Saturday, May 8, 2010
Neanderthal Hanky Panky with Humans
(Picture from here.)
I've had a love affair with Neanderthals since I was a kid.
From Brian Aldiss' Neanderthal Planet to Neanderthal references in Sover and Harrison's Apeman, Spaceman, I've been a junkie pretty much forever.
It's not an accident my first short story sale (A Capella Blues) was about the end of Neanderthals. I revisited them last year with a story, Two Boys, about Neanderthal resurrection.
For a long time it's been the position that Neanderthals and Homo sapiens never interbred. This has been, I think, resoundingly disproved by analysis of the recently sequenced Neanderthal genome.
Neanderthals co-existed with European humans for thousands of years. For a species (ourselves) that's been known to copulate with goats and dogs, I've always thought that it was impossible for humans not to have copulated with Neanderthals. I speculated on this in A Capella Blues, thinking that one significant difference between Neanderthals and Homo sapiens was the open ended sexual nature of humans as opposed to a closed estrous cycle of other primates.
The delirious humping mentality of Homo sapiens aside, the question of offspring was always curious. Hence, the research.
The Neanderthal sequences were first reported back in 2006. (Incidentally, inspiring Two Boys.) The work had to be redone because of Homo sapiens contamination. That work was completed and reported in this week's Science magazine gave evidence of interbreeding in several ways.
First, it was noted that the Neanderthal genome was pretty uniformly distinct across much of its range as evidenced by the difference between the samples sequenced and known human sequences. Even so, Neanderthal genetic difference from human appears to be pretty minor. There were only 78 differences in the sequences that "encode proteins that are uniformly present in humans but absent in Neanderthals." (See here.)
The similarity between the species is more than skin deep, much of it in the regulation of other genes. Neanderthals had the human form of many regulatory genes 90% of the time. There were still several changes in the Human Accelerated Regions (HARs) that humans had picked up since the original divergence from Neanderthals.
So far, this does not constitute evidence of interbreeding.
The authors looked for what is called a "selective sweep": a mutation that proves useful and migrates through the population since its selective advantageous.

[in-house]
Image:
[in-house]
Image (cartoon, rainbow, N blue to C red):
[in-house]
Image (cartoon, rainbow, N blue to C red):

They found 200, many involving neural development. One of which shows evidence of sweeping through humans after we picket up the Neanderthal copy. We've got the Neanderthal copy of the gene.
To push this further, the copy of the gene that is Neanderthal isn't uniformly spread through the human population. It shows up in European and Asian populations much more uniformly than it shows up in African populations. Neanderthals were restricted to Europe and Asia when the human invasion began.
This brings up very interesting ideas. For example, if the genes involved were advantageous enough to spread through one population (Europe and Asia) but not through another (African), what does that mean in modern times? Were they advantageous only in the areas where the Neanderthal was prevalent? Are they advantageous or disadvantageous today? The nature of the sweep says the genes were important enough to sweep through the populations at the time but that says nothing of the nature of the advantage.
Not all the Neanderthal DNA was sequenced: there's not a complete genome available. So we're not going to see my characters from Two Boys any time soon.
But we might some day.
Original Science Articles
Science News: Here, here, here, here.
Jerry Coyne and here
Signs of the Upcoming Apocalypse
Glenn Beck more reasonable than John McCain
Wall of Idiots
Reverend George Rekers and here
Technology fail in the Gulf Spill and here
AB32 Implementation Group
Rush Limbaugh Listeners
Drill, Baby, Drill
94% fish stock fall since 1889
Links of Interest
Naked Mole Rats!
Back to the moon
Found objects and Jean Shin
Ian McEwan's Solar reviewed
System regulation: E. coli vs. Linux
You are your microbes
White House to host science fair
US CO2 emissions drop
Invention among primitive people